gender, mainichi shinbun

Disaster-related violence against women, children needs attention, mainichi, 3/13/12

Cases of violence committed against women and children affected by the Great East Japan Earthquake, tsunami and ensuing nuclear crisis, have slowly emerged through organizations providing support services to such victims. These organizations are collecting information on these assaults, which they believe will be useful, including in developing policies for the management of evacuation centers and deciding what types of home visits by counselors will be helpful to evacuees living in temporary housing.

The Tokyo-based Zenkoku Josei Sodan Kenkyukai — or the National Women’s Consultation Study Group — has been offering counseling to women at various facilities, including evacuation centers in the Tokyo metropolitan area and disaster areas. Masao Yoshizaki, a member of the group who normally offers support to victims of domestic violence, says that she’s heard about and witnessed many acts of violence in her work with victims of the triple disasters.

At one evacuation center in Fukushima Prefecture, for example, three women in their 30s to 60s were sexually assaulted at night. Yoshizaki learned about the cases through a young woman who revealed her own fears that she might also become a victim of an attack. The assaults were an open secret that no one dared address outright.

The offender was believed to be a middle-aged man often found drinking to excess and staying at the same evacuation center, something the other evacuees also knew. When Yoshizaki consulted a municipal government official on a night shift about the assaults, she was told: “We sort of know what’s happened, but since there’s been no screaming and no complaints filed, we can’t interfere with what goes on between a man and a woman.”

Because a woman who was later attacked raised her voice against the perpetrator, the police were called. The middle-aged woman, however, said she was ashamed that she had been sexually assaulted at “such an age,” and refused to file a complaint citing her fear that she would cause her family trouble. The offender subsequently returned from police questioning and continued to live in the same evacuation center.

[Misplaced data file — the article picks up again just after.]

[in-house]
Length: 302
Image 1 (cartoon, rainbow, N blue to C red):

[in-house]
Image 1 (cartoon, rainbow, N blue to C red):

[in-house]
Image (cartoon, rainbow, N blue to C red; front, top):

With no solution in sight, Yoshizaki confronted the perpetrator directly. The man responded spitefully by pulling down his pants and exposing himself.

As for why some women who are attacked do not cry out for help, Yoshizaki speculates that it’s because they want to smooth things over as quickly and with as little commotion as possible because all the parties involved — the victims, perpetrators, police and local city officials — know each other.

Yoshizaki also said she witnessed drunk men getting into a fight at an evacuation center. When she asked about it, a female evacuee answered: “This happens every day.” Subjecting others to the sight and sound of violence itself constitutes a form of abuse; children were present when the fight took place.

Many young girls have said that in addition to men following them into bathrooms or looking into their dressing rooms, they have also been subject to lewd remarks. There was one child who said a male volunteer worker asked her to kiss him.

By summer of last year, many people from areas struck hard by the triple disasters had moved into temporary housing facilities. The aforementioned Zenkoku Josei Sodan Kenkyukai started making home visits, and found that talk of domestic violence began to rise during counseling sessions starting around October. Because going around and offering “women’s counseling services” makes it difficult for some people concerned about neighbors’ inquisitive eyes to consult them, the organization offers “women-only hand massages,” during which they listen to the troubles faced by evacuated women.

There was one time when Yoshizaki arrived at a temporary living facility, only to be greeted by a man’s yelling and loud noise coming from one of the residential units. It appeared that the man was attacking his wife, with the family’s scared children nearby.